What is a Business Email Compromise Attack?
Phishing emails have a purpose. That purpose is the get information which hackers can monetize or directly monetize their hack in the case of ransomware attacks. One of the more effective attacks is called a Business Email Compromise Attack. All managers and staff of any organization should know what this is and how to defend against it. Here is a common attack:
Hackers will send a phishing email that purports to come from one of the major email providers like Microsoft or Google. They know that if they send out a million emails, a good percentage of those targeted users will be running one of those email systems and therefore more likely to believe it is a legitimate email. The email may state that you have unread emails in your quarantine, or that you need to reactivate your account. This is a lie. A link in the email will prompt the unsuspecting user for their email password which, when entered, is sent back to the hackers with your email address. Now the hackers have your email address and password.
The first thing the hackers will do once they have this information is to go to www.office.com for mail.google.com and log into your account and download all of your email. They do this as quickly as possible so that they have all this information in case you or your IT staff discover the breach and change the password, locking them out. The hackers will scour your email and discern who the management is in your company, who the accounts payable people are, who sends you money, who you send invoices to and more. They are looking for opportunities.
The attack can go in two directions from here. If they have been locked out by now, they will use this information to spoof the email addresses of key people and as an example, send an email to the Accounts Payable person from the spoofed CFO address asking them to wire money to an account. This is not a legitimate request obviously. Or they may send an email to your customer asking them to send an ACH payment for fake services. Perhaps they will contact your payroll company and ask them to send a 1099 check for a contractor that doesn’t exist. The hackers will use whatever information they get from your downloaded email to craft attacks.
Notice that the people being targeted by the second email asking for payment had nothing to do with the breach. It could have been a lower-level employee that was hacked but the Accounts Payable person is being targeted with a spoofed email that purports to be from a CFO or other C-level executive.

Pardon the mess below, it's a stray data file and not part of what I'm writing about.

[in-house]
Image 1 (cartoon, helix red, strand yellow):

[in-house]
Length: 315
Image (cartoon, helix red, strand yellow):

The other direction occurs if the hackers have not yet been locked out of the account they compromised. In this case, once they determine their targets, they will set up email rules in the compromised person’s account that direct email from their target to them and then immediately deletes the email from the inbox. This way the hackers can have a direct conversation with their unsuspecting target without the compromised person even knowing. Note that the hackers are sending email from a legitimate account and the target will have no way of knowing it is not legitimate.
In either case, it just takes a few moments of weakness from ANY employee to click on a link and enter their password. The horse is out of the barn so-to-speak and there is no way to undo that act. Your business, your vendors, and your customers can expect to be targeted, sometimes for months or years into the future.
What can you do to prevent this type of attack? There are two main deterrents. The first is user education. Users should know to NEVER enter their password into a link in an email. It is important to have regular and repeated efforts to educate users on the risks and how they should respond to emails they are unsure of. The second deterrent is multi-factor authentication. Having this enabled for your company email provides a second layer of protection so that in this scenario, when the hackers try to login with the stolen password, the user will receive a prompt to approve the login. A properly trained user will notice that they did not try to login and deny the login. Note here, that an improperly trained user who just approves every prompt, will just allow the hackers in and the multi-factor authentication did nothing to stop the hackers.
Business email compromise attacks are devastating because the hackers can continue to attack for quite some time after the initial breach. They can attack your customers and vendors which is not a good look for your organization. As Ben Franklin famously once said “An ounce of prevention is worth a pound of cure”. That is especially apt in the case of Business email compromise attacks.
Is your organization implementing the two deterrents mentioned above? Contact us today at (888) 600-4560 or via email at email@example.com to get started.